This presumes that there is a set of personality traits that are commonly associated with the higher paying surgical jobs and masculinity.

I doubt that there is any empirical evidence to support this. I bet it is much more likely to be the same tired historical interpretation of separate spheres and the notion that women are somehow intellectually inferior and should only pursue the lower range of professional jobs if at all. There is also an assumption that to be a surgeon (or for that matter a business attorney), you need to independent, ambitious, competitive and on the breadwinner track. Traits more naturally suited to men.


This just makes me want to dig in my high-heels and prove them wrong, because of course they are.

Alcestis said...

"Ask for work schedules that would accommodate more time to spend with families."

This is a vey interesting concept, but one I have seen fall through. Working at a large law firm as a paralegal, I got to witness the life of a part-time associate, who by the way was returning from maternity leave. She asked to have a more flexible schedule, to spend more time with her newborn baby, and was told that she would be on a part-time work schedule. However, at my firm part-time means 7am to 10pm (or later) Monday through Saturday. I guess you can say that is flexible, but even when she wasn't at the office I was often asked to call her after midnight.

It didn't seem fair then and it especially doesn't seem fair now that I have learned more about the second job working mothers have when they get home. "Thankfully" her hard work paid off because she made partner. But I can't imagine how she balances it all. Her husband is also a partner at a big law firm, and I doubt he is pulling a second shift when he gets home. I'm happy there is proof that you can have a full and successful career and a family, but to be honest having it "all" doesn't seem that great.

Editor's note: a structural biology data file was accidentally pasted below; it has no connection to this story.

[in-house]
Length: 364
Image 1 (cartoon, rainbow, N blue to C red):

2elle said...

I think that this post brings up a great point, why shouldn't men ask for a more flexible schedule to accomodate family time? I think until men start asking for this type of schedule as well things will be slow to change. I am pretty outraged by the idea of the "second shift" and I think it would be best for families if fathers became more involved as well when both parents are working outside the home.

Both of my parents worked outside the home. When I was very young, before I went to school, my grandmother basically took care of me all day. I can't imagine how hard it would have been on my parents if they didn't have that option. Later, when we moved to the US, the only option was daycare. It wasn't ideal, but I am glad that my mom didn't have to give up her career as a dentist. She set a great example for me and made me think that women achieving great success in their career was the norm.

If there was no daycare option (due to finances/location) I honestly don't know what my mother could have done. I think a lot of families are in this situation and there needs to be a greater push for a variety of affordable and reliable child care options.